You have dozens of user accounts on different websites and there is a high chance that you use a combination of two or three passwords on all of them (if not more). There are different ways to remember complex passwords, but I prefer to not remember them at all. I believe in the theory that the most secure password is the one which you can never remember, no matter how many times you type it manually.
Using a password manager solves this problem of remembering passwords but most novice users take the easy route – save all usernames and password combinations in the browser itself. Google Chrome and Firefox already comes with browser sync, so there is practically no need to remember a password at all.
The problem however, is that users seldom choose a strong, alphanumeric password, while using a sign up form. They will either type in some phone number, a pet’s name or an already chosen password string, which is not a very secure affair. A password is your identity and in the ideal case, it should never be a perfect match with any other password which you have used on another website.
What if your browser can generate a very strong password string for you, whenever you use a sign up form on any webpage? That way, you can save the auto-generated password in the browser itself without having to compromise with a weak password string.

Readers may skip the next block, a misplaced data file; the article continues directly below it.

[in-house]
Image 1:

According to a project page at Chromium projects, Google Chrome will soon get a secure password generator for webpages and sign up forms. When Google Chrome generates strong alphanumeric passwords and saves it via browser sync, chances of getting hacked via phishing sites or hacked login forms is reduced considerably.
It works like this. If Google Chrome determines that you’re on a sign up page, it will add a small UI element next to the password field. When you click the UI element, an auto-generated password will be shown, you can either use it or re-generate a new password in the same UI. Next, a small pop up box will ask for confirmation if you want Google Chrome to manage this password using Chrome sync.
There are a couple of catches though. For example, this method won’t secure your older passwords which you have already saved in Chrome preferences. Second, if a website has disabled autocomplete on its sign up form (e.g online banking sites), this method is not going to work at all.
Worst case is when someone hacks into your Google account and turns on Chrome sync via your Google account on his computer. He will automatically get access to all your online accounts in one instant, which is why I never use or recommend saving username and passwords in a browser.
This feature is currently under development and is not incorporated in the latest version of Google Chrome.